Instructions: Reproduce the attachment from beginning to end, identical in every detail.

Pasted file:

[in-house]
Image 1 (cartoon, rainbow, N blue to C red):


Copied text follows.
[in-house]
Image 1 (cartoon, rainbow, N blue to C red):